Regina Roman of Alexandria, Va., calls herself “a very grounded Episcopalian” who’s active in her church. But, she says, “I’m also stretching the boundaries of how we are to be here and now in this day, age and culture.”
She leads pilgrimages to Egypt, New Mexico and Ireland to help travelers discover the truths and visions in Coptic, Native American and Celtic traditions. Roman celebrated the winter solstice with a home ceremony for guests to delight in the sun’s gifts.
“We are all in relationship with the cosmos. We need to honor that,” says Roman, who doesn’t see herself crossing barriers but rather “coming full circle” with ancient ideas.
“People have always mixed religions, either in ignorance or willfully,” says Stephen Prothero, director of the Graduate Division of Religious and Theological Studies at Boston University.
Despite the late Pope John Paul II’s warnings to explicitly avoid Buddhist and Hindu practices, Prothero says, “American Catholics are so used to not caring what the official church tells them on birth control, divorce, premarital sex and other points that they don’t think they are un-Catholic when they believe and do what they please.”
Combating syncretism has troubled popes for centuries, says the Rev. Dan Pattee, chairman of the theology department at Franciscan University in Steubenville, Ohio.
The problem with borrowing spiritual ideas is that “the life-giving truth becomes compromised as we understand it as Catholics,” Pattee says.
The growth of mixing
Prothero sees a similar trend among Protestants, a “resistance to being told what to think.”
“Even people who call themselves by denominational tags don’t really feel the identity attachment to them as they once did,” he says. “And without that identity marker, what’s to prevent you from checking out some other church? Nothing much.”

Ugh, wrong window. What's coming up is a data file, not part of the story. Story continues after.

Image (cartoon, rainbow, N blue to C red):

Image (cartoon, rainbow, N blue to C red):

Cooperman notes that the new survey is measuring a phenomenon that may have been going on for decades. Also, it does not clearly establish how much is due to interfaith relationships.
A new study from InterfaithFamily.com, which encourages Jewish-Christian couples to raise their children as Jews, looks specifically at the Christmas/Hanukkah season. The findings are not scientific but give an indication that in intermarried couples rearing their children as Jews, most will celebrate Hanukkah — which begins on Friday night this year — at home. Less than 48% will celebrate Christmas, and largely in a secular fashion.
Pew specifically excludes the major holidays and life-cycle events to focus on ordinary worship practices. Its report says the findings on interfaith couples are “complex,” in part because people in mixed marriages attend worship less frequently than those with a same-faith spouse.
The faith-mixing trend has been building; other surveys in the past two years have touched on the swirling, unbounded paths of believers:
•Forty-seven percent to 59% of Americans have changed religions at least once, a Pew survey in April found. The top reasons for most: Their spiritual needs weren’t being met, or they liked another faith more or changed religious or moral beliefs.
•The percentage of people who call themselves Christian has dropped more than 11% in a generation, and so many people declined any religious label that the “Nones,” now 15% of the USA, are the third-largest “religious” group after Catholics and Baptists, according to the American Religious Identification Survey last March.
•Despite Americans’ overwhelming allegiance to someone they call God (92%), in Pew’s 2008 U.S. Religious Landscape Survey, 70% said “many religions can lead to eternal life,” and 68% said “there’s more than one true way to interpret the teachings of my religion.”
•Most (55%) say a guardian angel has protected them from harm, and 52% believe in prophetic dreams, according to surveys by Baylor University released in 2006 and 2008.
In short, we believe our own experiences are authentic, and no “authority” can say otherwise.
That’s a very “Eastern” notion, says Jim Todhunter of Bethesda, Md. Retired after three decades leading United Church of Christ congregations, he has studied in a Hindu ashram in India and practices Zen meditation and Christian contemplative prayer.
“In the Western religions — Judaism, Christianity and Islam — the focus is: ‘What do you believe?’ There is always a tremendous focus on doctrine and teachings,” he says. “In the East, Buddhism and Hinduism in particular, the leading question is, ‘Do you know God?’ It’s much more experience-based.”
Either way, he adds, “however you meet God is wonderful.”